We are a commune of inquiring, skeptical, politically centrist, capitalist, anglophile, traditionalist New England Yankee humans, humanoids, and animals with many interests beyond and above politics. Each of us has had a high-school education (or GED), but all had ADD so didn't pay attention very well, especially the dogs. Each one of us does "try my best to be just like I am," and none of us enjoys working for others, including for Maggie, from whom we receive neither a nickel nor a dime. Freedom from nags, cranks, government, do-gooders, control-freaks and idiots is all that we ask for.
Our Recent Essays Behind the Front Page
Sunday, December 2. 2007
Some of these links don't work - I apologize - will fix after church.
The Fear of a Blue Planet. NY Post. Yes, it does frighten be a bit because I do not think those folks give a darn about my individual freedom. They claim to care about the "greater good" of "the people," but I never met "the people." History tells me that "the greater good" means a power grab from me to the State, with efforts to placate me with bread and circuses and cheap doctors trained in Pakistan, Russia, and Africa. I do not like that; I do not approve of that, and I do not think that is the American way: that's what our Revolution was all about. If I were running for office, I would run on "the American way."
The Pope on eternal life. NRO
Repub candidates and immigration. Flares
Dutch CIA spies on Dutch media. Pajamas
Canadian Molson Beer drinkers will drown French prisons?
The NYT always finds the negative. Since war is no longer staggering Iraq, now corruption is. Trying to be multiculturally sensitive, I thought that bribes were an intrinsic part of Midde Eastern culture - so this must mean that things are returning to normal.
The ripple effects of the subprime mess: Nobody knows what it will mean. Dino
Photo from A Slower Pace. Kentucky is Dan'l Boone country.
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Political rage is largely due to an etymological mistake.
French outre, beyond what is proper, is made into a noun with -age, and then imported into Enlish as outrage.
English then notices the -rage, and decides that what is beyond what is proper deserves rage, the word itself says so.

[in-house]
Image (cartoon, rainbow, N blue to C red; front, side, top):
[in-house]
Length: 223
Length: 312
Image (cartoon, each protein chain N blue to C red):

The slight and the reaction become fused as one.
This is so useful that the word is reimported back into French.
Daniel Boone lived a good long life. He was always looking at the far horizon.
So the NYT finds corruption a problem. Maybe they should look out their Manhattan windows across the Hudson and write something about the corruption in New Jersey--most 99.9% of which is in the hands of the Democratic party.
Hey, get it while you can. When raiding, piracy and hostage taking are part of your 'culture' anything can be rationalized. Now, as far as the Iraqi's are concerned...
One of the benefits of doing a look at the Chinese Non-Performing Loan problem is getting to look at the US system and find out where the 'goodies' are, to examine banking and credit finances in the US.
To start one goes to the Federal Reserve Board Charge-Off and Delinquency rates page ( http://www.federalreserve.gov/releases/chargeoff/ ). Delinquent loans are all those 30+ past days overdue and given as a percentage, per column, of loans in that column. Currently that is at 2.74% of residential loans, and that is about what was seen during the housing market bubble that ended in the early 1990's... folks do remember that, right?
Next is the Charge-Off rate, or loans uncollectable (although there may be some insurance coverage involved) as a percent of all loans. In the residential area that is 0.25% which, again, mirrors the previous housing market bubble in the early 1990's.
Both are at decadal highs, but not out of the range of measurement, even though it has only been measured since 1991. To put that into perspective the Credit Card column for this is (D/CE): 4.29% / 4.00%. It appears that once a credit card goes 30 days delinquent it is, basically, unrecoverable.
Now, to get the scope of that in the overall lending practices of all banks, we can hit the FDIC Uniform Bank Performance Report and take the 'All Banks' report:
Here, on page 2, we can see the historical increase of TE in loans to 'real estate' (notice that commercial and industrial are separated) which reflects these lovely sub-prime loans and other 'loan vehicles' that somehow have you paying higher percentages later which never get here until they do. A few lines down shows the volatility within a fixed range of Credit Card earnings based on what is lent via them. Increasing yields in real estate loans and more or less steady income in Credit Card: a money making combination.
On page 4 we get to see the outstanding percent of assets tied up in real estate on 1-4 Family Residential: 0.67%. Note Credit Card to get scale of the size of things: 0.14%. The overall scale of all loans on real estate, credit card, commercial, industrial: 11.37%